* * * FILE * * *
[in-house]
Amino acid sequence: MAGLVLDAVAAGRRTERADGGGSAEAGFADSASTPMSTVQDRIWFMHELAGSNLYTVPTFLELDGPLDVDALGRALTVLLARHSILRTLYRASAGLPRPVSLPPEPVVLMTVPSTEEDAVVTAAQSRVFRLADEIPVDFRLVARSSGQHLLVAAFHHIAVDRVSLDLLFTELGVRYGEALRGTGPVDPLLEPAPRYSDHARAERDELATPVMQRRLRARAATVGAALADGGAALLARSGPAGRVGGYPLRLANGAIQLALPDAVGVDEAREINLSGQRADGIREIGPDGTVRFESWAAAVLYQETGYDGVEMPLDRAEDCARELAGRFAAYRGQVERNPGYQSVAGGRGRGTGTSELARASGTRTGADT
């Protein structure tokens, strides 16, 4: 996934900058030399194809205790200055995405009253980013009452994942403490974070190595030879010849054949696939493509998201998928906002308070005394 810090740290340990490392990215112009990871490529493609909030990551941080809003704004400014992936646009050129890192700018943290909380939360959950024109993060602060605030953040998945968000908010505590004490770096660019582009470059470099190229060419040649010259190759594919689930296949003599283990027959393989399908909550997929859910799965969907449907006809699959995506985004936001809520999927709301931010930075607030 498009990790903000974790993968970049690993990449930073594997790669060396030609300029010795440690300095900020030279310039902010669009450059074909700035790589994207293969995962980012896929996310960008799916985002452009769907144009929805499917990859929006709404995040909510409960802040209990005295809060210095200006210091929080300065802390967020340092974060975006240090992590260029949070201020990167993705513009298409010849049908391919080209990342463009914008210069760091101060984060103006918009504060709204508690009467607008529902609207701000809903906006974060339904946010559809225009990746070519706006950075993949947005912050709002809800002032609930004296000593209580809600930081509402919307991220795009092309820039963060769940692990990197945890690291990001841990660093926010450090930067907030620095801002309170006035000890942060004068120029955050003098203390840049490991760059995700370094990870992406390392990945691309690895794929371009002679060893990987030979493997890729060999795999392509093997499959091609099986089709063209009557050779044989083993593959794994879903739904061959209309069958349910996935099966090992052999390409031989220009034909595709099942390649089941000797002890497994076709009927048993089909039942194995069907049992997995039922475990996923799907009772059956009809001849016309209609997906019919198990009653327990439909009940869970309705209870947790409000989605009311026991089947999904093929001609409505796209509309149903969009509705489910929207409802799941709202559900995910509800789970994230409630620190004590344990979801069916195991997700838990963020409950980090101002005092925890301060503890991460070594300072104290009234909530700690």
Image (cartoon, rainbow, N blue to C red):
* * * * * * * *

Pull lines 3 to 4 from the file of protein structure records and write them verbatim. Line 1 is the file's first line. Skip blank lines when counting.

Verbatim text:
């Protein structure tokens, strides 16, 4: 996934900058030399194809205790200055995405009253980013009452994942403490974070190595030879010849054949696939493509998201998928906002308070005394 810090740290340990490392990215112009990871490529493609909030990551941080809003704004400014992936646009050129890192700018943290909380939360959950024109993060602060605030953040998945968000908010505590004490770096660019582009470059470099190229060419040649010259190759594919689930296949003599283990027959393989399908909550997929859910799965969907449907006809699959995506985004936001809520999927709301931010930075607030 498009990790903000974790993968970049690993990449930073594997790669060396030609300029010795440690300095900020030279310039902010669009450059074909700035790589994207293969995962980012896929996310960008799916985002452009769907144009929805499917990859929006709404995040909510409960802040209990005295809060210095200006210091929080300065802390967020340092974060975006240090992590260029949070201020990167993705513009298409010849049908391919080209990342463009914008210069760091101060984060103006918009504060709204508690009467607008529902609207701000809903906006974060339904946010559809225009990746070519706006950075993949947005912050709002809800002032609930004296000593209580809600930081509402919307991220795009092309820039963060769940692990990197945890690291990001841990660093926010450090930067907030620095801002309170006035000890942060004068120029955050003098203390840049490991760059995700370094990870992406390392990945691309690895794929371009002679060893990987030979493997890729060999795999392509093997499959091609099986089709063209009557050779044989083993593959794994879903739904061959209309069958349910996935099966090992052999390409031989220009034909595709099942390649089941000797002890497994076709009927048993089909039942194995069907049992997995039922475990996923799907009772059956009809001849016309209609997906019919198990009653327990439909009940869970309705209870947790409000989605009311026991089947999904093929001609409505796209509309149903969009509705489910929207409802799941709202559900995910509800789970994230409630620190004590344990979801069916195991997700838990963020409950980090101002005092925890301060503890991460070594300072104290009234909530700690």
Image (cartoon, rainbow, N blue to C red):